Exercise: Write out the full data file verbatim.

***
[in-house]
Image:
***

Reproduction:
[in-house]
Image: